From: Philippe Verdy (firstname.lastname@example.org)
Date: Thu Jun 08 2006 - 17:37:02 CDT
From: "Richard Wordingham" <email@example.com>
> I have found two groups of NFKC grapheme clusters which fail to match their
> default uppercasings after conversion to NFD in one of the important
> 'case-insensitive' matching methods. I haven't reported these problems
> formally yet - I'd like to see what other people think first. It's
> conceivable that I'm the only person bothered by them.
> *Problem 1*
> The first is: <U+0131 LATIN SMALL LETTER DOTLESS I>
> The problem with this only occurs when using the default mappings. A
> different can of worms opens up for Turkic locales - I don't know whether
> the behaviour is fully defined for Turkic locales. This grapheme cluster is
> in all four normalised forms. According to
> http://www.unicode.org/Public/5.0.0/ucd/SpecialCasing-5.0.0d13.txt and
> http://www.unicode.org/Public/5.0.0/ucd/UnicodeData-5.0.0d11.txt , its
> uppercasing (in all locales) is
> <U+0049 LATIN CAPITAL LETTER I>
> which is in all four normal forms.
> To compare these strings for 'canonical caseless matches', one calculates
> NFD(toCasefold(NFD())) of the strings. By
> http://www.unicode.org/Public/5.0.0/ucd/CaseFolding-5.0.0d13.txt , their
> default casefoldings, whether simple or full, are <U+0131> and <U+0069 LATIN
> SMALL LETTER I>. These are not canonically equivalent. QED.
Actually, to compare strings for canonical caseless matches, one must calculate the *closure* of NFD() and toCasefold() transform fonctions. This means applying NFD() and toCasefold() alternatively as long as the result is still different. So this many mean: toCasefold(NFD(toCasefold(NFD(string)))) or even more applications of the functions.
> Incidentally, the definition of default casefolding contradicts the
> definition of casefolding given in TUS 4.1.0 Section 5.18.
> There are two alternative solutions:
> (a) Remove the upper- and title-casings for U+0131 from UnicodeData.txt and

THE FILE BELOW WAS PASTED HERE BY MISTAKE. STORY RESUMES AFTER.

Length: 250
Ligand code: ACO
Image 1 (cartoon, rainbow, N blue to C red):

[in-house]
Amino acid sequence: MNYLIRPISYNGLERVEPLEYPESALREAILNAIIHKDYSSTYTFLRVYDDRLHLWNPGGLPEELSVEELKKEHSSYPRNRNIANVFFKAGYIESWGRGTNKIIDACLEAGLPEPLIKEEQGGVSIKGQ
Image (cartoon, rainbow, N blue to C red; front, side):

> uncomment out the Turkic data for U+0131 in SpecialCasing.dat, also making
> it apply to Azer(baijan)i.
> (b) Add two lines to SpecialCasing.dat:
> 0131; C; 0061; # LATIN SMALL LETTER DOTLESS I
> 0131; T; 0131; # LATIN SMALL LETTER DOTLESS I
I would certainly not do that; the common casefolding of a small dotless i is a small dotless i, not a normal (dotted) small i. This means that, outside of Turkic locales, a small dotless i does NOT matches a normal (dotted) small i in caseless searches, but it does match a (possibly Turkic...or not) dotted capital I.
But some caseless searches are implemented by actually comparing the result of:
This gives different results, because then it will match all 4 variants of i (small or capital, with or without dot). But this case is known and complicate to handle. There are lots of discussions regarding this implicit dot (over small i or small j, and the way it is transformed in combination with other diacritics). In practice, the Turkic alternative for case mappings is not complete in SpecialCasing.dat,and I think it is not really normative for most protocols that need caseless compares: to be complete, one would need to make the combining dot above completely ignorable when it is used after a letter with an implicit dot in any of its letter case.
Then consider the case of the Dutch ij ligated letter: should it match the ij letter pair? then how do you consider the dots that are written above the ij ligated letter? couldn't it be perceived as a diaeresis above a ij pair of letters? We are exactly on borderline cases.
For IDN, applications, it was chosen to make the combining dot above fully ignorable, and so making all i's equivalent, as well as all j's (notice that IDN use compatibility decompositions).
You may also consider "caseless compares" as the other way to specify in fact a comparison based on the primary level of collation. In that case, it becomes locale-dependant, and tailorable in each locale. But the default collation table is well known and locale independant (but I can't remember if the primar level differences or equivalence classes in the DUCET is normative or informative, someone may verify it again, but i think it was just informative).
So, is, the caseFolding() operation really normative? shouldn't it be reformulated using the standard Unicode collation algorithm, which is much less ambiguous and can handle much more languages than what SpecialCasing.txt is currently providing?
One way to specify what caseFolding() should return is to look for the string with the smallest codepoint values and whose primary level collation keys are equal with those of the characters in source string, when using the DUCET (or a tailored collation when computing locale-sensitive caseFolding), then to assemble the result into a string in NFC form.
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